Themed around the state’s diverse flora and fauna, Wild Washington lessons and are designed to equip K-12 students with the knowledge, social, and emotional skills needed to think critically, and problem solve around natural resource issues. Activities encourage students to explore various points of view and collaborate with others to find ways to move forward on real-world challenges.
The Department is working with the Office of Superintendent of Public Instruction to ensure lesson plans best meet state and national environmental and sustainability learning standards. Lessons are developed for educators to use in the classroom, and also have modifications embedded for distance learning.
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Elementary school (K-5th grade)
Kindergarten - 5th grade lessons introduce learners to relevant ecological and wildlife-based issues throughout the state. The interactive activities and lesson plans aim to increase problem-solving and critical thinking skills in a variety of disciplines. Lesson vocabulary words and some supplemental materials are available in Spanish.
Middle school (6th-8th grade)
Middle school lessons build on concepts from K-5 lessons and introduce students to careers involving natural sciences. Decision making and collaboration are key social themes as students prepare themselves for high school.
High school (9th-12th grade)
High school lessons focus on teaching students knowledge and skills that can be applied to careers in the natural sciences. Students will focus on sustainability in fish and wildlife, and apply skills in civics to solve problems facing the natural resource industry and balance community interests.
- Elementary school students go on a natural history tour of gray wolves to learn about the largest canid in North America.
- High school students are introduced to the many ecosystem services bats provide and are presented with challenges bats face regionally and globally. In this lesson, students will explore anthropogenic impacts to bats and will be asked to create their own solution for bat population declines in their community.
- Students explore estuary ecosystems and the relationship between organisms and the exchange of matter in the environment.
- Elementary school students analyze where seafood comes from, and then learn about the concept of sustainable fisheries. The lesson culminates with a research project where they discover how one of Washington’s fisheries are managed.
- Middle school students are introduced to migration concepts in animals and birds with a focus on migrating waterfowl (ducks, geese, and swans).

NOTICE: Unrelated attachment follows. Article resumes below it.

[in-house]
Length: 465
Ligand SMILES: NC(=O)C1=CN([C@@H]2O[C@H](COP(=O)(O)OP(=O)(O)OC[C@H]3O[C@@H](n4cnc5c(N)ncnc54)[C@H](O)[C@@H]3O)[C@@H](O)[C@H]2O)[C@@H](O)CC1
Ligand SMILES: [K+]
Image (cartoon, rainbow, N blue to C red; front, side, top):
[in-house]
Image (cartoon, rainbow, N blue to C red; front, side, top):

- Middle school students research the ungulates (hoofed mammals) of Washington and figure out why physical characteristics are important for increasing probability of reproduction during the breeding season (rut).
- High school students discover the world of conservation biology and learn how people build corridors for wildlife to connect species to fragmented areas of habitat.
- Elementary school students dive into coastal Washington and learn about 13 species of marine mammals. From dolphins to seals, students explore adaptations of marine mammals and use basic research skills to learn more about a species of their choice.
- Middle school students learn various viewpoints of cat and wildlife advocates, find compromise, and create practical solutions.
- Elementary school students explore the increasingly at-risk shrubsteppe ecosystem and learn about the various wildlife and plants that call the shrubsteppe home.
- Middle school students analyze how their community co-exists with wildlife, and investigate why wildlife can be attracted to urban, suburban, and rural areas.
- This learning sequence is anchored in the phenomena: Salmon populations in the Pacific Northwest are declining. Students will explore salmonid life cycles and discover patterns among life cycles of plants and animals who interact with salmon. Students will then learn what makes healthy habitats for salmon.
- Middle school students explore the multi-billion dollar, illegal industry of wildlife trafficking. Students also investigate how poaching and trafficking are harmful to communities, economies, and ecosystems in an interactive discussion.
- In this first grade unit, students learn the differences between domestic and wild animals and are called to help WDFW protect baby wildlife.
- High school students are introduced to the various diseases and zoonoses that the wildlife and people of Washington experience.
- Middle school students investigate the field of wildlife rehabilitation and explore reasons why wildlife gets sick or injured and learn about the people who help wildlife recover. The lesson teaches students that wildlife rehabilitation is a trained medical profession requiring special training, skills, and space to treat and care for wildlife.
- Elementary students learn that baby wildlife can look very different from their parents and that babies have adaptations that help protect them as they grow up. This lesson also teaches students about the importance of not touching or relocating baby wildlife and how mother animals may leave their babies alone for parts of the day.